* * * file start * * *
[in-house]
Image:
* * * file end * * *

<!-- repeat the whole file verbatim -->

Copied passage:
[in-house]
Image: